• When an attacker rolls a natural 1 on an attack roll using an obsidian weapon, it rolls an attack roll against AC 14. On a failure, the obsidian weapon becomes broken.
  • Creatures with the Air primal element take a –2 penalty on attack rolls using obsidian weapons.
  • Obsidian weapons cost 25% less than their listed price in the core Fifth Edition rules.

Peachwood

Source OD:TOH

Wood from fragrant peach trees is sometimes used to create weapons against the undead. Peachwood is no different than oak or pine if crafted into any other type of item. Any weapon can be made of peachwood, and a weapon made of peachwood deals 1d4 bludgeoning damage on a hit, regardless of its size or shape. However, when you hit an undead creature with a peachwood weapon, it is a magic weapon that deals damage as if it were the weapon of the type it resembles. For example, a peachwood greatsword deals 1d4 bludgeoning damage when it hits a human, but it deals 2d6 slashing damage when it hits a ghost

Silver

Some monsters that have immunity or resistance to nonmagical weapons are susceptible to silver weapons, so cautious adventurers invest extra coin to plate their weapons with silver. You can silver a single weapon or ten pieces of ammunition for 100 gp. This cost represents not only the price of the silver, but the time and expertise needed to add silver to the weapon without making it less effective.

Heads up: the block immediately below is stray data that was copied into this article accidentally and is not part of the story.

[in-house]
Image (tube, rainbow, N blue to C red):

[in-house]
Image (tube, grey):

Soulbound Steel

Source OD:TOH

Steel forged with the carefully prepared ashes of the fallen dead creates a special alloy known as soulbound steel. The steel is said to contain a sliver of the spirit of a warrior rendered into ashes. The strong, flexible metal has a light gray color and a beautiful, powdery finish, sometimes worked into frost-like patterns.

Soulbound Steel is used to craft weapons and, rarely, shields. A weapon made of soulbound steel costs an additional 500 gp to create. This cost represents not only the price of the material used to make it, but the time, care, and expertise required to keep the sliver of soul intact without making the weapon less effective. When you make an Intelligence, Wisdom, or Charisma saving throw while holding or carrying an item made of soulbound steel, you can use a reaction to have advantage on the saving throw. Once you use this property of the item, you can’t use it again until you finish a long rest. You can benefit from this property only once each day, regardless of how many soulbound steel items you possess

Stone

Source VKCS

The vast majority of stone weapons are made of knapped flint or chert.